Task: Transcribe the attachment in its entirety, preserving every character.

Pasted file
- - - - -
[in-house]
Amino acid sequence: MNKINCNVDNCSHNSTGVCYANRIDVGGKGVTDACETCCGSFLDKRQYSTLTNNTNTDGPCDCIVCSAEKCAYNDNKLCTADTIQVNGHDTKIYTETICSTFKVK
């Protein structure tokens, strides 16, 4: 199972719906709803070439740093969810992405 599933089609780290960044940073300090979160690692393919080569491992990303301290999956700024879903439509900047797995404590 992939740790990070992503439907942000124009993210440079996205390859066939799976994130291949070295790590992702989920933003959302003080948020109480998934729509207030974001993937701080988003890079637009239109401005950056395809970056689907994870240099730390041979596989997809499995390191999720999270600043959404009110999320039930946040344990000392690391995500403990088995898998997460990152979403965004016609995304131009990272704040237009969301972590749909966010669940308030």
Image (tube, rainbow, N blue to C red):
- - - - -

[in-house]
Amino acid sequence: MNKINCNVDNCSHNSTGVCYANRIDVGGKGVTDACETCCGSFLDKRQYSTLTNNTNTDGPCDCIVCSAEKCAYNDNKLCTADTIQVNGHDTKIYTETICSTFKVK
């Protein structure tokens, strides 16, 4: 199972719906709803070439740093969810992405 599933089609780290960044940073300090979160690692393919080569491992990303301290999956700024879903439509900047797995404590 992939740790990070992503439907942000124009993210440079996205390859066939799976994130291949070295790590992702989920933003959302003080948020109480998934729509207030974001993937701080988003890079637009239109401005950056395809970056689907994870240099730390041979596989997809499995390191999720999270600043959404009110999320039930946040344990000392690391995500403990088995898998997460990152979403965004016609995304131009990272704040237009969301972590749909966010669940308030």
Image (tube, rainbow, N blue to C red):